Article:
A NEW species of electric eel capable of delivering an electric shock three times that of a domestic wall socket has been found in the Amazon.
The eight feet long Electrophorus voltai is the world's most powerful electric eel and is capable of generating 860 volts - enough to stun an adult human.
The creatures use electricity to stun their prey and have been known to leap out of the water but deaths of humans are extremely rare.
The team that made the discovery also found another species of electric eel, which increases the number of recognised species of eel from one to three.
It has been named Electrophorus varii and the two new species were able to be separated because of the enormous voltage of Electrophorus voltai.
The scientists also learned more about electric eels’ behaviour.
They had previously been thought of as solitary creatures that prey on their own under cover of darkness.
But the team spotted eels working together to coordinate attacks in behaviour that resembles pack animals such as lions - but armed with the ability to zap their prey.
The research was carried out by team from the Sao Paulo Research Foundation, made up of scientists from the Smithsonian Institute and National Geographic Society.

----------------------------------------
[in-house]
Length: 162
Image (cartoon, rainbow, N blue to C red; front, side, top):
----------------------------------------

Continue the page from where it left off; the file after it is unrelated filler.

“These fish grow to be seven to eight feet long. They’re really conspicuous,” said David de Santana, the lead author of a study published yesterday in thejournal Nature Communications.
HUNT IN PACKS
“If you can discover a new 8ft-long fish after 250 years of exploration, can you imagine what remains to be discovered in that region?”
He explained that while a shock from one of the creatures may not be pleasant, it’s unlikely to be deadly.
“I remember the first time I was shocked. I was scared,” Dr de Santana told the New York Times.
Electric eels not actually eels but knifefish, and they have been known to naturalists for more than 250 years.
They live in swamps, streams, creeks and rivers across northern South America.
The only species of electric eel previously known to science was Electrophorus electricus, which Swedish naturalist Carl Linnaeus described in 1766.